The Corner

Regulatory Policy

The Mess That Is Our Green Policy

Pump jacks operate in front of a drilling rig in an oil field in Midland, Texas U.S. August 22, 2018. Picture taken August 22, 2018. (Nick Oxford/Reuters)

On Tuesday, I mentioned that it is likely that the Biden administration will continue misguided green policies pursued by other Democrats of heavy green subsidies and attacks on gas and oil industries, all the while the federal government will continue to subsidize state-owned and private oil and gas companies abroad.

Today, I came across this video from this brand new company Kite & Key Media, which touches on the internal conflict of the U.S. green-energy policy. This video, which is their first, is about such minerals as graphite, lithium, or manganese that are needed to produce many of the modern life products we love as well as several of the “green products” that environmentalists are so fond of.

As the video narrator explains “the greener we try to be, the more mining it requires.” He adds:

A 2017 study from the World Bank makes it clear: clean energy requires far more minerals than the fuel sources it would replace. For example, the amount of wind and solar power needed to meet the goals of the Paris Climate Agreement, would double the demand for the metals used in those technologies. But that’s nothing compared to the batteries needed to store clean power — which, under the Paris goals, would require over 1,000 percent more metals than today.

Today, these minerals are mined in many countries around the world, including some “where labor and environmental standards are somewhere between weak — and non-existent.” What’s interesting about this fact is that it’s not as if we don’t have these very same minerals here in the U.S. In fact, as I learned from the video, “as recently as 1990, the U.S. was the world’s number one producer of minerals. Today, we’re the seventh.”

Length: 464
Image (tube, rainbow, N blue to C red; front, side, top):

This wouldn’t be a problem if the reason for our foreign sourcing of these products is that they are produced at lower costs than are possible here in the U.S. But natural foreign comparative advantage apparently is not the reason for this trade pattern. The U.S. has been made uncompetitive by massive labor, health, and climate regulations that make it impossible to open a mine or to operate one profitably in the U.S. Here is an example from the video:

Take the Kensington gold mine in Alaska, for example. It opened in 1993. Wait, scratch that. It was supposed to open in 1993. But because of the complicated regulatory process it wasn’t able to begin operations until 2010. In the 17 years it took to navigate all those regulations, the cost of building the mine increased almost 50 percent. As a result, it had to cut its production by one-third.

In other words, these rules at home play an important role in the shift to foreign minerals.

It’s hard to understand how the climate warriors justify this mess. The Biden administration has made it clear that it will force more green energy on the U.S. through the regulatory process. In doing so, it will also both be making it harder to mine these minerals here at home and it will increase the amount of mining we buy from these less than environmentally friendly countries. That, of course, will happen all the while the administration continues to insist on idiotic “made in America” requirements and to demand repatriation of our supply chains in the name of propping up manufacturing jobs and national security.

In any case, you should check out this and other videos from Kite and Key. My understanding is that the company will produce videos that cover a range of topics — everything from the future of cash to the likelihood of a supervolcano erupting in our lifetime.

They’re a non-profit. They aren’t chasing ad dollars and they set their own editorial agenda.


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